What is a "convergence device" (or a "converged device")?

A radiogram: last century's convergence device (photo by supermoving - CC-BY)

A radiogram: last century's convergence device (photo by supermoving - CC-BY)

When a new device incorporates the functionality of two or more earlier devices, it is a converged device. The development of a convergence device occurs when miniaturization or economics makes it possible to cram extra functionality into an existing device, or when technology common to two devices is factored out to make a more efficient combined device.

For example, an old-style radio and gramophone (record player) both include an audio amplifier and loudspeakers. By building both devices into one cabinet and sharing the audio amplifier and loudspeakers, the result is a radiogram. Radiograms were popular in the 1950s and 1960s as a piece of living-room furniture, before being overtaken in the 1970s by another converged device: the portable cassette-radio.

Once you have a converged device, you can increase its functionality beyond that provided by its individual components. In the case of a cassette-radio, once you have a cassette recorder and a radio you can add the ability to record a radio program onto an audio cassette tape.

More recently, the miniaturization of electronics has enabled mobile phones to be reduced to pocket-size. Further miniaturization has made it possible to combine other functionality with the cellphone, and it has become common for a modern cellphone to include the functionality of a camera and a portable music player.

The latest high-end cellphones also include the full functionality of a mobile computer and a GPS receiver, and can be programmed to use their inputs and outputs in ways that replace a wide range of devices.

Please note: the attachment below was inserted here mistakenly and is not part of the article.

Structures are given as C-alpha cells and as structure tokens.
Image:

The Apple iPhone, for example, is a phone, a music player, an internet browser, a camera, a satellite navigation device (sat-nav) and more.

The Nokia N900 adds stereo speakers, a keyboard, an infra-red controller, an FM radio transmitter, and more. Some of the portable devices that it subsumes include:

  • a cellphone
  • a music player
  • an internet browser
  • a satellite navigation device
  • a calculator
  • a metronome
  • a kitchen timer
  • a portable games console
  • a walkie-talkie
  • a TV remote control
  • a camera
  • a video camera
  • a spirit level
  • a flashlight
  • an alarm clock
  • …and so on

Having a range of technology in one device opens up possibilities. For example, the N900's camera can be used in ways which  a standalone camera cannot. You can take a photo, have its location automatically determined by the GPS and added to the image file, have that location sent through the phone to a website that translates the GPS co-ordinates to the name of a location (such as “Paris, Eiffel Tower“), have the photo tagged with that location then uploaded to a site such as Flickr.

Although converged devices can be convenient, the convergence has some downsides. Each individual component may not be as sophisticated as a standalone device. For example, the camera in a cellphone is unlikely to be as good as a dedicated standalone camera (although it will be “good enough” for many of its users). A converged device is a single point of failure: if the device breaks or is lost, all of its functionality is unavailable. And with the rapid development of technology, a convergence device may need to be replaced in order to upgrade one of its components, even when the rest are still adequate.

For many users, the biggest potential downside of a converged device arises because it is so powerful. Being such a useful device, it will be heavily used. Unfortunately, battery technology has not advanced so rapidly as device technology, and a flat battery is likely to be a frequent annoyance for anyone who uses a converged device to its fullest potential.

The path of convergence still has a long way to go, and we can expect to see much more development of multi-function integrated devices in the coming years.


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